But he may still be best-known for his early books like Evidence that Demands a Verdict, which sold more than a million copies. Christianity Today called it one of the “top 50 books that have shaped evangelicalism.”
REICHARD: He approached this like a trial lawyer in some ways. I like it. Sounds like it changed people’s minds, too.
WHITTEN: For sure. And it’s not done yet. McDowell and his son, Sean, rewrote about 70 percent of the book for a new edition which came out in 2017. In it, they update a lot of the archeological and historical evidence, and they try to answer the questions of a new generation.
SEAN AND JOSH MCDOWELL: For example, questions like what is truth? That wasn’t an issue 35, 40 years ago. Today, it’s a huge. Can you know truth? Intellectual skepticism. Can you know history? Is there objective history? I felt that all these things had to be answered or the evidence would not have the impact it should have without that context.
REICHARD: What makes this book different from other apologetic books?
WHITTEN: The book focuses on historical and textual evidence. You won’t find evidence from biology or astronomy here. You will find plenty of quotes from archeologists, textual critics, early church fathers—that sort of thing.
As for format, the book feels like a reference book. Let’s say you want to know why the Bible is trustworthy. You can flip to a chapter like, “Is the New Testament Historically Reliable?” The first thing you’ll see at the beginning of each chapter is a detailed outline of subjects within that chapter. That way you can flip right to the section you’re interested in.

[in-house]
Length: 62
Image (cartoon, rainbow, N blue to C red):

REICHARD: A handy resource. Before we close, I’m curious what he would say to the question you asked at the beginning. How do we know the Bible is accurate and reliable?
WHITTEN: In a way, McDowell took about 800 pages to answer that question in this book! So don’t feel bad if you didn’t have a 10-second sound bite ready. But I think his basic argument comes down to two things.
First, the Bible we have reflects what the original authors wrote down. It hasn’t been corrupted.
And second, what the Biblical authors wrote down accurately reflects what happened. These are the twin pillars that make Christianity historically true. And because it’s true, he says we can bet our lives on it.
MCDOWELL: Not only do we have what was written down. What was written down was true. What Jesus said and what Jesus did. Oh, men and women, we don’t have all the answers. Oh, there’s so many questions that I have. So many things that can’t be answered historically yet. But I know one thing: what we have in the Bible is what was written down, and what was written down was true.
REICHARD: Another thoughtful book pic today, Emily. Thanks so much.
WHITTEN: You’re very welcome, Mary. Happy reading.
REICHARD: Today, Emily recommended Evidence That Demands a Verdict by Josh McDowell. If you visit worldandeverything.org and look up this particular segment, you’ll find links to some of the resources we mentioned today.